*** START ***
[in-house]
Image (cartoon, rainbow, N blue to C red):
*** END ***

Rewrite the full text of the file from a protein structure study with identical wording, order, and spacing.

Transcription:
[in-house]
Image (cartoon, rainbow, N blue to C red):